Target reported lackluster sales during the critical holiday stretch, raising some concerns about whether the retailer can keep growing as it faces rising competition.
But strong December sales at Costco show that not all the traditional retailers suffered during the holidays.
Target has been one of the few traditional brick-and-mortar retailers thriving against Amazon. However, it reported a sales gain of only 1.4% in November and December at stores open at least a year, a key measure of the retailer’s health. That was below the company’s guidance for the period and well short of the 5.7% growth it had a year earlier.
While the company said it should still be able to hit its profit target for the fiscal fourth quarter, the sales report drove down shares of Target 6% during trading early Wednesday.
“Holiday sales did not meet our expectations,” Target CEO Brian Cornell said. The company “faced challenges” in electronics, toys and home goods, he said. Together, those divisions make up around one-third of the company’s holiday sales. Target did enjoy a 19% bump in online sales.
The sentiment among several Wall Street analysts Wednesday was that Target’s holiday results did not signal a systemic problem at the company, but rather a slowdown in key holiday areas like toys.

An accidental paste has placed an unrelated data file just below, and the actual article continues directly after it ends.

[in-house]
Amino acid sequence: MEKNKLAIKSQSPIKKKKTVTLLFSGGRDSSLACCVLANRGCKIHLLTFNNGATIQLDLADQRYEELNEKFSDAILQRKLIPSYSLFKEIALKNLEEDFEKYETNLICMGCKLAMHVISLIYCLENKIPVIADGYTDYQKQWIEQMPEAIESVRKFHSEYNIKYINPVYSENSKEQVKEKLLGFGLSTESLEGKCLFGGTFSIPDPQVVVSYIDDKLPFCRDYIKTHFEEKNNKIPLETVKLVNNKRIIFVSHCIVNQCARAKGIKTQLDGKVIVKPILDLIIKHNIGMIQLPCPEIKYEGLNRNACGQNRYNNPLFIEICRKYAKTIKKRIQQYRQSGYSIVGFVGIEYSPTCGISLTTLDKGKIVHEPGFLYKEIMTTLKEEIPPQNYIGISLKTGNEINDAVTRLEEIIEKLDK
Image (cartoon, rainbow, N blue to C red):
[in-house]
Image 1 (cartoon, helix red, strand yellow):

“Target remains a good retailer on the right trajectory,” said Neil Saunders, analyst at GlobalData Retail.
Target, the nation’s third largest general retailer behind Walmart and Costco, is not the only traditional brick-and-mortar retailer to report struggles. Department store chain Macy’s announced last week that it would close 29 stores. JCPenney, Kohl’s, Bed Bath & Beyond and other mall staples also reported weak holiday sales.
Walmart and Best Buy do not report holiday sales until next months, but shares of both companies fell during Wednesday trading as Target’s results weighed on investors.
Target has been on a winning streak since 2017, drawing shoppers with private-label brands, remodeled stores and new small-size stores in cities.
But the company also announced a shake up of its executive ranks Wednesday in the wake of the disappointing holiday sales.
Janna Potts, a 30-year veteran of the company, is retiring as executive vice president and chief stores officer, to be replaced by Mark Schindele, a 20-year veteran of the company himself. It also announced two chief merchandising officers. Christina Hennington will oversee merchandising for hardline and essentials, while Jill Sando will be in charge of merchandising for style.